At trial, much of the testimony centered around the conduct of the shooter and Destiny’s husband, whether they had drugs on them or not. The shooter’s defense attorney tried to call Destiny’s character into question, which enraged her family. It felt like a drug trial, Teresa said, instead of a trial about the death of someone’s child.
“Day by day we had to sit there and listen to these stories about who they thought she was,” Teresa said. “Nobody had it right. But all we could do was sit there and listen to these stories, leaning on each other to hold each other up.”
Prosecutors charged the shooter with first-degree murder, but the jury acquitted him of that charge and instead found him guilty of manslaughter.
First-degree murder charges require prosecutors to convince the jury that the defendant intended to kill the victim, or acted with such extreme indifference to the value of human life that he knew or should’ve known his act created a grave risk of death. With a manslaughter charge, jurors only have to find that the defendant acted recklessly, a lower legal standard.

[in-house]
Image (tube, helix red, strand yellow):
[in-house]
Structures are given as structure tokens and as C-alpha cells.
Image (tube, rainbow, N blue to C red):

The verdict stung.
Then Teresa and her family sat through the sentencing hearing and listened to the shooter’s defense attorney describe him as a “great” and “honest” man with a “bright future ahead of him.”
The judge sentenced the shooter to six years in prison — the maximum allowed — and three years of parole, ordering him to pay $7,500 in restitution. The automatic sentence for a first-degree murder conviction is life in prison without parole.